Although the gales and squally, wintry showers are now beginning to ease, please be aware of the likelihood of some ice forming through the evening as temperatures fall, says the UK Met Office.
And the Loganair service from Edinburgh to Stornoway was predicted to be almost three hours three hours late this afternoon/evening.
But Shetland was worst hit. At 15:30, the airline have decided to cancel operations to Sumburgh for the rest of today as exceptionally strong winds caused damage to the construction works to upgrade the terminal building. The risk of further damage in continuing high winds is present and so for safety reasons, Loganair have cancelled flights to and from Edinburgh and Aberdeen.
Contingency plans to offer additional seats on tomorrow’s flights on the affected routes are being put in place now. Strong winds also led to the cancellation of today’s service between Glasgow and Barra. An extra flight will operate in each direction on this route tomorrow.
For all other services, aircraft captains will assess the weather conditions before each flight and make the final decision as to whether the flight can take place.
In view of the high probability of travel disruption, Loganair have extended their rebooking policy to offer you additional peace of mind around your travel plans. If you hold a reservation to travel on 26 December yet wish to travel later, you can now change your booking to any flight with available seats within the next seven days.
Tomorrow (Tuesday 27 December) they expect to operate their full planned schedule of flights. Delays on early services to and from Sumburgh are possible subject to requirements to inspect and secure construction materials around the terminal building.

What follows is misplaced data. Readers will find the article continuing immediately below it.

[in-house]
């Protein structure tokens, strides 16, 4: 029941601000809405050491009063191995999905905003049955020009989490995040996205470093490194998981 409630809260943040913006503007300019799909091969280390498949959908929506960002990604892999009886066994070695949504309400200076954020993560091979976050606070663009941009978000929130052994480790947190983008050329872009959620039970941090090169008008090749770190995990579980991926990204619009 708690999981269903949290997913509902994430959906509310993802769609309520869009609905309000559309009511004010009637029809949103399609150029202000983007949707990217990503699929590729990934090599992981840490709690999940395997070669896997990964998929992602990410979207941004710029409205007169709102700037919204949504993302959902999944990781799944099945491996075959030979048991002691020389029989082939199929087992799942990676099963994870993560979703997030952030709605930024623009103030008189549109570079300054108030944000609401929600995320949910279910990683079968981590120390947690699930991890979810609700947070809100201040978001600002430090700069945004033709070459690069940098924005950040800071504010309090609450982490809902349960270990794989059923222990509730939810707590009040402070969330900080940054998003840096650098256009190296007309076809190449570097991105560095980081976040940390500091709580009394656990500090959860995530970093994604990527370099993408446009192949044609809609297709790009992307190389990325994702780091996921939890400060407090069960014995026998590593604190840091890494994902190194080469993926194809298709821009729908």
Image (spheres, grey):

Meanwhile services across CalMac's network were today (Monday December 26), beginning to resume after a very difficult weekend of festive weather, though some disruption remains, particularly on routes from Oban. High winds and rough sea states persist in many areas, but forecasts indicate that conditions may improve later.
The current period of bad weather looks likely to subside later today and into tomorrow (December 27) and it is hoped that Tuesday will bring with it a greater degree of certainty for passengers and a further increase in the number of routes returning to full service. "Thankfully conditions do appear to be improving and we are continuously monitoring each route," said CalMac's operations director Drew Collier. "There is no doubt this has been a difficult weekend for our communities, customers, crews and port staff, and we can hopefully look forward to a period of increased certainty for travellers.
"I remain appreciative of the support and forbearance we have experienced in light of these conditions, which are out of our control but, nonetheless, frustrating."
Further very strong winds, associated with Storm Conor, continued through much of Boxing Day (Monday). Gusts of 50 to 60 mph were likely to occur quite widely, locally up to 70 mph. These stronger gusts are likely to be more frequent over the far north of Scotland, where there is a risk of gusts of up to 80 mph. Winds were easing from west to east through the afternoon and evening. Frequent wintry showers will be an additional hazard across northern Scotland, the Met Office warned.